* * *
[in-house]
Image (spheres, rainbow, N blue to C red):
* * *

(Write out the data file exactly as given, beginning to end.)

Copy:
[in-house]
Image (spheres, rainbow, N blue to C red):